So, this way, the film (Lions Love, & Lies) is no longer a flop. It’s a shack. And, I think it’s a nice experience to just to be inside the film! This is like inventing another way of speaking about or experiencing cinema. It’s not enough to show a film on the screen. So, what I did was try to see what it is like to live in a house that is a film.
And, if you look at it from afar, it looks like a nest.
And, over there, I did a big mural using images and quotes from the same film (Lions Love).
It is exciting for me to be able to re-invent film in another way than the screening it in a room, or in a cinema.
Of course, I have done a lot of films. But, for the past ten years, I have done a lot of installation work. And, for me, this is another approach to audiences.
HT – Yes, I have seen some footage and images from it.
AV – Yes, so, with Noirmoutier, there is a 35-mm film (9 min 30 secs) of women on the beach, all dressed in black and moving around a large table. Then, there are 14 monitors around this film, and there are 14 chairs in front of the installation. On each of the chair, there is a set of headphones. You can only listen to one video at a time, and in each a widow speaks for about 3-4 minutes. We had this shown at the Carpenter Center (University of Harvard), about four years ago, in 2009.
Of course, each widow is very different in the way they talk and tell their stories.
So, this is what I am trying to do. To break the traditional way of looking at cinema using screening, videos, installations, etc…
HT – Yes, but you also do the reverse by referencing traditional visual arts in all your films. For example, you reference Hans Baldung Grün (c. 1484 – 1545) in Cléo de 5 à 7(1962)…
AV – Ah, you know Baldung?
HT – Yes, of course.
AV – Yes, that is what I call a mental image – and, I don’t care if a lot of people have never heard of Hans Baldung. I don’t have to show (the original) or speak about it. It was just important to show this beautiful woman in the flesh, and that skeleton speak to each other. It’s something about beauty and death.
So, sometimes, I have a post card of an image on the set. I don’t have to show it but it keeps me on the subject. You heard me talk about Cléo de 5 à 7 ?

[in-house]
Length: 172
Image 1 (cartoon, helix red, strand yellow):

HT – Yes, I have been attending all the events at which you have been speaking (here, in LA)? I thought, one of these days, you will look at me and say, that woman is stalking me. She needs to be arrested [laughs].
AV – No, I am so glad to have people who are interested in my work. Can you believe, I am so old. And, Cleo was made in ’61. This is before you were born.
HT – [Laugh] Yes.
AV – This is what gives me peace in my old age. Because, some of my films are forgotten. But, then, my daughter is so nice. She helps me to do the installations and organize these events. And, to keep a nice group of people working with me. And, then, I meet all these unemployed people who have studied cinema. Everyday, I meet people who have been learning editing, filmmaking. And, then, there is no work for them. There is just enough room for certain amount of filmmakers. So, it’s a difficult situation for the cinema. And, in France, it’s the same problem.
HT – I have so many questions to ask you.
AV – I cannot do everything [laughs]. But going back to your film about Rodin & Rainer Maria Rilke [René (The Movie)], I love that poet so much. You know Hans Olbrist did, at the Serpentine Gallery, a marathon of poetry. And, I was invited, among others, and I read, I recited Federico García Lorca’s poetry in Spanish. And, I recited Rilke’s poetry in German.
But, the subject of your film is difficult because you are dealing with different arts…
Ok, I am glad you could be here. Au revoir…
And, off went Agnès to greet her old friend, Bernardo Bertolucci.
VIDEO: WATCHof Bernardo Bertolucci with Agnès Varda in Varda’s My Shack of Cinema (1968-2013) at the Los Angeles County Museum of Art by Homa Taj for MUSEUMVIEWS